San Francisco International Airport director Ivar Satero said the airport has handled the economic downturn of the COVID-19 pandemic “very well”, having cut expenses 20% and deferred USD2 billion in capital improvement projects. Mr Satero stated: “We’re seeing great signs for increased revenues and spend rates, so we’re tracking very well financially”.
airBaltic traffic ‘picking up’, but still 79% below pre-crisis levels
airBaltic CEO Martin Gauss stated passenger numbers increased 70% in Jun-2021, compared to May-2021, but remained 79% below pre-COVID-19 levels recorded in Jun-2019. Mr Gauss added: “We expect traffic volumes to continue picking up”.
Canberra Airport CEO: ‘we do need to start getting some of our freedoms back’ following vaccination
Canberra Airport CEO Stephen Byron said following the vaccination of 40% of the Australian Capital Territory’s population, “we do need to start getting some of our freedoms back”. Mr Byron said the 40% target is to include all over 70s, noting “What we would need [from states] is a surety that there won’t be border closures. If you have been vaccinated, you won’t be subject to them”. Mr Byron added: “We should be only weeks away from being rid of these draconian lockdowns and border closures. It’s time to set the dates, but the dates need to be set once the vulnerable have been vaccinated”.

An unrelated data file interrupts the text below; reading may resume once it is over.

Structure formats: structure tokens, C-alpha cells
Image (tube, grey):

San José Mineta International will regain domestic and international routes
San José Mineta International Airport director of aviation John Aitken said he expects the airport to regain the 24 domestic routes it lost as a result of the COVID-19 pandemic. Mr Aitken also said he expects the “Canadian markets and the London market” to “open back up” to the airport, followed eventually by Tokyo.
CemAir CEO: Level 4 restrictions in South Africa result in ‘massive wave’ of cancellations
CemAir CEO Miles van der Molen said the introduction of Level 4 restrictions by the South African Government from 28-Jun-2021 “led to a massive wave of flight cancellations”. Mr van der Molen also noted bookings dropped by 25% approximately two months prior to the announcement of the restrictions, “because people know now that new restrictions happen suddenly and they are looking down the road”.